Maybe you saw the news story: “Animal activists take over Tel Aviv’s Rothschild Boulevard,” declared the Jerusalem Post.
Needless to say, it’s inspiring to learn that these activists had a wildly successful animal rights demo in Israel. We’ve heard that animal rights and veganism have really taken off there (and we’re looking forward to talking about that with Israeli activist Yossi Wolfson on the podcast next month). This demo was clearly an outgrowth of that. It’s invigorating.
But let’s take a second to consider what really happened here. By conservative estimate, two thousand people showed up in Tel Aviv to stand up for animals. (In fact, it was probably more like three thousand.) Sister demonstrations, albeit much smaller ones, were held in 40 locations all over the globe, from London to San Francisco, Moscow to Costa Rica. If you’ve ever been a part of organizing an animal rights demo, you know that getting just 200 people to show up is an huge achievement. So how did this amazing outpouring of solidarity come about?
Was it due to the work of an experienced animal rights organization that has been doing this for years? Well, no. In fact, the first demonstration was all started by Asaf Harduf, an Israeli attorney who has been involved in animal activism for less than a year.
Did Asaf have access to an incredibly sophisticated web tool that allowed him to find and interact with like-minded people and get them on board? Well, yes. It’s known as a Facebook page. You may have heard of it.
What were some of the other ingredients for the success of these demos?
- They kept it non-political. The goal of the activists involved was to change people’s hearts and minds, not to achieve a particular political goal like changing the law. As Asaf explained, “It’s nice that we are making an echo and we are thinking about the day after Saturday, but we are not political — we are trying to make a social difference.”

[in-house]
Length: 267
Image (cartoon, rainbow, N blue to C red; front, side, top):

- They brought together people working on various different issues, and they found one unifying message. That message? Look into their eyes.
- They came up with great visuals. According to the Post, the march was “led by a huge banner that gave passersby literally no choice but to look into the widespread eyes of cats and dogs.” Protestors gathered with their eyes covered to represent the blindness and indifference to the suffering of billions of animals each year.
- They found speakers who know how to talk with passion about what we are all feeling, and who pull no punches. At the Tel Aviv demo, Asaf himself passionately did just that:
I am ashamed of the justice system of which I am part: of its helplessness, its ignorance regarding animals. A system in which shredding thousands of chicks each day — is legal. A system in which inserting chemicals into the eyes of bound rabbits and rummaging in the helpless bodies of fully awake monkeys — is legal. A system in which selling fur torn out of foxes — is legal. A system in which the execution of cats and dogs simply because they have no home — is legal. But I’m also proud – of all of you who came today. We are here, fighting a battle for life, until we can look them in the eyes.
Ori Shavit, another organizer, also poured his heart out at the event:
They have no voice, but have a soul. They have no words, but have feelings. Just like us, they want and need to live. Not being caged, enslaved and abused in any conceivable way by human imagination – they aren’t items of clothing, amusement products, invading species, walking testing laboratories. They’re only one thing – animals. They own their lives and we should remember that, respect that and return that to them. Not only because we have to, but because we, who have the voice and the power, can.
I am truly impressed.
While this demonstration may not have had a specific policy goal, it is certainly capable of achieving enormous change. In fact, it is impossible to overestimate the kind of impact that participation in this kind of outpouring of love — and sharing of grief, and purpose — can achieve.
Asaf explained that he only recently “realized how fulfilling it is to stand with other people who believe with all their heart that animals should have their life and freedom.”
For me, this is the true value of getting out on the street and carrying a banner. Solidarity with others who feel the same way about animals gets into my soul, and strengthens my resolve. I hope to see more and more of this effort, until there are more of us out on the street than there are inside watching.